July 19, 2017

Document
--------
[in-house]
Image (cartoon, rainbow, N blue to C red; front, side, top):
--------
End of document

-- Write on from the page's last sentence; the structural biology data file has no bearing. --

IT WAS A SUNDAY EVENING in February when residents of three counties in Northern California were ordered to evacuate their homes in the Feather River Basin. After heavy rainstorms doused the region, the Oroville Reservoir was at capacity, and excess water was sent out over the primary spillway and down the Feather River. Soon, dam operators with the California Department of Water Resources (DWR) noticed a crater had formed in the spillway. The Oroville Dam, the tallest in the United States at 770 feet, was stable, but the spillway was an important part of the reservoir’s flood control system. Soon, the bottom half of the concrete chute had crumbled, sending debris into the river and forcing the DWR to use another, emergency spillway for the first time. But the massive flows eroded that earthen path as well. If the erosion had continued and undermined the concrete lip of the spillway, a massive flood would have swept down the river into the valley below—a 30-foot wave of destruction.